Collaborative dialogue is the key to group feeling successful.

Fun working together if group collaborative

Thanks for sharing – inspiring indeed!

Look at and explore Youcubed, Inspirational maths lessons, continue to inspire students in maths.

I have good ideas but my group has great ideas!

Once you convince yourself …convince others.

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Low Floor – High Ceiling Tasks:

1. Open up the task so that there are multiple methods, pathways, and representations.

2. Include inquiry opportunities.

3. Ask the problem before teaching the method.

4. Add a visual component and ask students how they see the mathematics.

5. Extend the task to make it lower floor and higher ceiling.

6. Ask students to convince and reason; be skeptical.

Jo Boaler recommends these sites:

Youcubed: www.youcubed.org

NCTM: www.nctm.org (membership required to access some of the resources

NCTM Illuminations: http://illuminations.ntcm.org

Balanced Assessment: http://balancedassessment.concord.org

Math Forum: www.mathforum.org

Shell Centre: http://map.mathshell.org/materials/index.php

Dan Meyer’s resources: http://blog.mrmeyer.com

Geogebra: http://geogebra.org/cms/

Video Mosaic project: http://videomosaic.org/

NRich: http://nrich.maths.org/

Estimation 180: http://www.estimation180.com

Visual Patterns; grades K-12: http://www.visualpatterns.org

Number Strings: http://numberstrings.com

Mathalicious, grades 6-12; real-world lessons for middle and high school: http://mathalicious.com

]]>This is a great little video to begin a discussion about good and bad teamwork. I would probably stop the video at the polar bears, because of the advertising.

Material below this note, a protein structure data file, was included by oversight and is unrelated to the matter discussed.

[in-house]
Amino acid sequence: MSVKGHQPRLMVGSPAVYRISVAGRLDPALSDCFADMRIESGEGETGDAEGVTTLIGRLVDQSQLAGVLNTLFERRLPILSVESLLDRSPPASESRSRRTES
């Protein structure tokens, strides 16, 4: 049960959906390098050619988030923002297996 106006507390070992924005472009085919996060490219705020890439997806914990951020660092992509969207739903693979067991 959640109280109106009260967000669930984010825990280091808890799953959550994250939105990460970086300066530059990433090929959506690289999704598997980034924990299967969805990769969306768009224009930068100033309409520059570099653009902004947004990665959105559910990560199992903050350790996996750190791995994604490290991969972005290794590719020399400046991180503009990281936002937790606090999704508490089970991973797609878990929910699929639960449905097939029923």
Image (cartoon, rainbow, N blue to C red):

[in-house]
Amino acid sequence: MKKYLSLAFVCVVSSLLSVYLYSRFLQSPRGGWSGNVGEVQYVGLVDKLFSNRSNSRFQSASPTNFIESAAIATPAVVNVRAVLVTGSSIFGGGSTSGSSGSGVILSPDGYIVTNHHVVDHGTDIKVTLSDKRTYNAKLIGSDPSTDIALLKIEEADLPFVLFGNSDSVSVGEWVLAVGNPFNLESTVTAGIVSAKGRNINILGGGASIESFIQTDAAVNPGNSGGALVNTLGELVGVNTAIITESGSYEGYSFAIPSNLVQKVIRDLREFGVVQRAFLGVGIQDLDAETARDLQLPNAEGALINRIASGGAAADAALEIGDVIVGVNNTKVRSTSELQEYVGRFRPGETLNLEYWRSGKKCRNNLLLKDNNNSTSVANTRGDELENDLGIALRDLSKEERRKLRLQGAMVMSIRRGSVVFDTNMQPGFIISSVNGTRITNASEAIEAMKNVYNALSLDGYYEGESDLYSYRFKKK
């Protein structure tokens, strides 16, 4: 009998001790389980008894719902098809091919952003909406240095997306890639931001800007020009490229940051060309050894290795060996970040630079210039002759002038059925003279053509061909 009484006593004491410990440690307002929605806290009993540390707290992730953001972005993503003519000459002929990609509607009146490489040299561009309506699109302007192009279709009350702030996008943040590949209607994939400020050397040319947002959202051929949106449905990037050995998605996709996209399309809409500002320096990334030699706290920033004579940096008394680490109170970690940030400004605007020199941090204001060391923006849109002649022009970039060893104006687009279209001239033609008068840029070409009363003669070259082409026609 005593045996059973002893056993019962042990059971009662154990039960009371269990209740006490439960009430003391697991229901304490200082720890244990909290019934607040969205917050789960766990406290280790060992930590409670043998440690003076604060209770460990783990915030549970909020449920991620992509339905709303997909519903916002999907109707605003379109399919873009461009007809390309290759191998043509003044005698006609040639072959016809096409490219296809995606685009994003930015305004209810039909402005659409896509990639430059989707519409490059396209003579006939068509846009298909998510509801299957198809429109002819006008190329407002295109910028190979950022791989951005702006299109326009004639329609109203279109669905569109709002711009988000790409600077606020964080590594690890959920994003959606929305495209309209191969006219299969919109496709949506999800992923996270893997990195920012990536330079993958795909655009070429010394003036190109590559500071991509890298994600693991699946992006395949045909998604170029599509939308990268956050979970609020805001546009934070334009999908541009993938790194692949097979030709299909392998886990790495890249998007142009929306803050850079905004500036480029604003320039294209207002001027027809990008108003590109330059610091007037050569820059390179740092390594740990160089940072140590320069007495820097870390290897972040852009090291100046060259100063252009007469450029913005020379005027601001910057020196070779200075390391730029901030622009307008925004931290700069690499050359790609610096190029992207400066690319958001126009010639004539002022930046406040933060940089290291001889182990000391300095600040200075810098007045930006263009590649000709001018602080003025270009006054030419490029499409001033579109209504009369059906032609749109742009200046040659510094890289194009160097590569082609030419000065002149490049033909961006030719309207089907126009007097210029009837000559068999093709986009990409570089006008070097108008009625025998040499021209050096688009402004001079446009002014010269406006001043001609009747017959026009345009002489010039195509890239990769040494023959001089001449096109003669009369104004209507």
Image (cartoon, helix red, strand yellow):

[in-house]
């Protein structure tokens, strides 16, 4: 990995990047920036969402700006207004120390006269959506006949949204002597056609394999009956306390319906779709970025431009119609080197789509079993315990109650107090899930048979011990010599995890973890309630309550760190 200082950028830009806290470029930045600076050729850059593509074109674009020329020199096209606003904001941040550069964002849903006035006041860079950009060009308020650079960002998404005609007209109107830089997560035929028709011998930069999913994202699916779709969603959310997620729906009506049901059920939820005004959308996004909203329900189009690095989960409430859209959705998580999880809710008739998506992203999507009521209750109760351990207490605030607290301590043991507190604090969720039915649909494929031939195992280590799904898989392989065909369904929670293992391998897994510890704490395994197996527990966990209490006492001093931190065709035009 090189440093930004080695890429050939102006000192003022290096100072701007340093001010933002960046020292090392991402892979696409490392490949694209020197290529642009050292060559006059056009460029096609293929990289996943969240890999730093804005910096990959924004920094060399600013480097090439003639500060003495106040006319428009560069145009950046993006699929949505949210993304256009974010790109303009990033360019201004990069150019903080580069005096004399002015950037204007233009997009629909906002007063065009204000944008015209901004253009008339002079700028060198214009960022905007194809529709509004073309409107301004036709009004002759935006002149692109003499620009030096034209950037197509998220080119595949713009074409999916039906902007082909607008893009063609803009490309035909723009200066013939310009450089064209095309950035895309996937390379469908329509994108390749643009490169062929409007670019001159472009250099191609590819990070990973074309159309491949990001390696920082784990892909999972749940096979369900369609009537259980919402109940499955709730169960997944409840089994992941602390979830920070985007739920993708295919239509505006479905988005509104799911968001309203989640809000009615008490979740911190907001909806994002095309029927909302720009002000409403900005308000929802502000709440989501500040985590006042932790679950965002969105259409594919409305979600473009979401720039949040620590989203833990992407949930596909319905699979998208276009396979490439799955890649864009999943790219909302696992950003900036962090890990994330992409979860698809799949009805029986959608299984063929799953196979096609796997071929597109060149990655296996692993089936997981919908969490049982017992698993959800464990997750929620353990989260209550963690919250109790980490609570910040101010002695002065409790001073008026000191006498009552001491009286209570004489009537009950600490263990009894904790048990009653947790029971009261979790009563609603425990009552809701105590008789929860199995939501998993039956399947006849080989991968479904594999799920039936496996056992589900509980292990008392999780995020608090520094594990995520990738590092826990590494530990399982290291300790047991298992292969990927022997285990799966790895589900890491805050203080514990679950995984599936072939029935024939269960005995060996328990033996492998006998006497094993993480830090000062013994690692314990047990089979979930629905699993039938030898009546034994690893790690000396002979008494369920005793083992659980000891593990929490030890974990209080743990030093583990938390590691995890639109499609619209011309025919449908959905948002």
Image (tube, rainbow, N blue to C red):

]]>FIRST043Space Diagnostic-1jmyy0z

FIRST042 Number Diagnostic-13lxab9

FIRST041Measurement Diagnostic-265lhmq

]]>MCTP Resource: This Goes With This

This is a powerful learning experience for students to develop an understanding of proportional reasoning.

100 beads on a string available for borrowing, if you would like to try this task.

]]>Resources that were used or referred to during the 7-8 Transition Workshop

ASMI – Are, Volume and Surface Area

http://amsi.org.au/teacher_modules/area_volume_surface_area.html

area_volume_surface_area-1jq97lm

– Introduction to Measurement 7-8

http://amsi.org.au/teacher_modules/introduction_to_measurement.html

introduction_to_measurement-xiso7q

Mathematics Assessment Project

Evaluating Statements About Length and Area

http://map.mathshell.org/lessons.php?unit=9310&collection=8

length and area r1-ts0bvx

The BitL Tool – Mathematics Years F-10

BitL_maths_F_10-28eyfie

Transforming Tasks

Designing tasks where students do the thinking

Transforming_tasks_strategy_diagram-20twebn

Transforming_tasks_intellectual_challenge_v3-2evfc7p

Year_8_Maths_example-1aoqqzk

Transforming_tasks_Maths_closed_to_open-26fbvoc

Beliefs and Attitudes About Mathematics

DECD_BEST-ADVICE_1.0_Beliefs-and-attitudes-about-mathematics_v12-177kbx5

The learning progression in the area of measurement:

]]>You Cubed Website:

Jo Boaler article:

https://www.theatlantic.com/education/archive/2016/04/why-kids-should-use-their-fingers-in-math-class/478053/